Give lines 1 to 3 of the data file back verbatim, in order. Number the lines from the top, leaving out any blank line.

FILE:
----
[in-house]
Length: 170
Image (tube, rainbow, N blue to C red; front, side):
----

[in-house]
Length: 170
Image (tube, rainbow, N blue to C red; front, side):